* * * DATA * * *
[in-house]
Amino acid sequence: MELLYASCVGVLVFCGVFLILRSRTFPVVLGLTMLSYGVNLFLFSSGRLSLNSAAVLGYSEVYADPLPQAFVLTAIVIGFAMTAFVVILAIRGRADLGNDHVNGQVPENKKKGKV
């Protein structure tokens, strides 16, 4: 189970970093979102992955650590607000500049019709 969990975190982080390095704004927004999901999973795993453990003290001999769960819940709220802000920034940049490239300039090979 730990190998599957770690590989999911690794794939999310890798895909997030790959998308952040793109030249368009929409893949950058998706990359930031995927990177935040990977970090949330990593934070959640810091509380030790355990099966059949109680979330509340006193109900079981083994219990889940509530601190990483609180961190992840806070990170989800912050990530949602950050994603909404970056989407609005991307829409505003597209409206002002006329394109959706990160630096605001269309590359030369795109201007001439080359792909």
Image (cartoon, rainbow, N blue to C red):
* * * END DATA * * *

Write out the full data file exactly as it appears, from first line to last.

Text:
[in-house]
Amino acid sequence: MELLYASCVGVLVFCGVFLILRSRTFPVVLGLTMLSYGVNLFLFSSGRLSLNSAAVLGYSEVYADPLPQAFVLTAIVIGFAMTAFVVILAIRGRADLGNDHVNGQVPENKKKGKV
């Protein structure tokens, strides 16, 4: 189970970093979102992955650590607000500049019709 969990975190982080390095704004927004999901999973795993453990003290001999769960819940709220802000920034940049490239300039090979 730990190998599957770690590989999911690794794939999310890798895909997030790959998308952040793109030249368009929409893949950058998706990359930031995927990177935040990977970090949330990593934070959640810091509380030790355990099966059949109680979330509340006193109900079981083994219990889940509530601190990483609180961190992840806070990170989800912050990530949602950050994603909404970056989407609005991307829409505003597209409206002002006329394109959706990160630096605001269309590359030369795109201007001439080359792909």
Image (cartoon, rainbow, N blue to C red):